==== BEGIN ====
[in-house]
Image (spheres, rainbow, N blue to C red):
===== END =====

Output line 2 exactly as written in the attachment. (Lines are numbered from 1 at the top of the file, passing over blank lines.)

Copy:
Image (spheres, rainbow, N blue to C red):